From the Times-Picayune:
Ryan and Kourtney Fournier of Jefferson submitted paperwork to the Secretary of State’s office that allows them to attempt to collect the nearly 1 million signatures needed over the next 180 days to force a recall election of the governor. The papers were mailed Thursday and arrived Friday.
Ryan Fournier, 32, said he is a registered Republican and was “a huge supporter for Bobby.“
Outside of California, do these things ever work? By the way, they’d have to get around 300,000 more signatures than Bobby Jindal got votes.
Does anyone else find the breaking news aspect of the story comically awesome?
In all seriousness, Louisianans (mainly Louisiana Republicans) have- historically- liked to raise the specter of a recall to increase public and political awareness. It’s a powerful and often underutilized tool, though its application is sometimes uneven.
In recent years, consider:
In 1991, a Baton Rouge lawyer, unhappy when the governor’s race came down to a runoff between scandal-plagued former Gov. Edwin Edwards and former Ku Klux Klan leader David Duke, started pushing for a recall of the winner before the votes were cast. Edwards, now in prison on a corruption conviction, won.
After Edwards took office, the “Recall ’92” campaign gained only 348,000 of the 750,000 signatures that would have been needed.
A resident of St. Martinville filed a recall petition against Blanco. (I feel sick having to source Michelle Malkin. If someone can find another record of the now-archived Times-Pic article, let me know).
A formal push to oust Gov. Kathleen Blanco, after harsh criticism of her response to hurricanes Katrina and Rita, began Tuesday when a St. Martinville resident filed a recall petition with Louisiana’s elections office.
The task is a tough one: in Louisiana, a recall election requires handwritten petition signatures from at least one-third of the state’s registered voters, or about 900,000 people, in 180 days, according to Jennifer Marusak of the secretary of state’s office.
The 180-day period began Tuesday, when the petition was filed, she said.
Then, a majority of voters in a recall election would have to vote to get rid of Blanco, a Democrat, before she would be forced out of office.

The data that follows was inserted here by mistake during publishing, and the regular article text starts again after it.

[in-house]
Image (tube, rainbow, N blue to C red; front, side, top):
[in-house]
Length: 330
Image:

Blanco was out of the country Tuesday, studying flood-control measures in Holland, and unavailable to comment.
Jindal’s apparent decision to not veto the legislative pay raise bill has engendered an unprecedented response, but it’s difficult for me to be impressed– considering the absence of passion about our most important issues.
The pay raise bill is frustrating, to be sure, but it also underscores our lack of a collective hierarchy of needs for our State. It, once again, demonstrates our State’s (or at least our State’s media’s) inability to recognize the most pressing issues at hand: The pay raise bill is important, but the intensity in which some have approached this make me wonder where the intensity has been about other, vastly more important issues.
I guess if Governor Jindal vetoes this bill, we can go back to being complacent about flood protection, the coast, schools, jobs, roads, crime, housing and rebuilding New Orleans…. until, presumably, a few decades pass and the Legislature wants to award itself another raise. Then a new generation can safely revolt! (Of course, there might be fewer South Louisiana leges at that time because 1/3 of the state will have washed away, but why should that possibility elevate anyone’s blood pressure?)
Boy do we have our priorities straight!
Is this really the agenda Republicans claimed was mandated by last year’s election?
What a complete and total disappointment.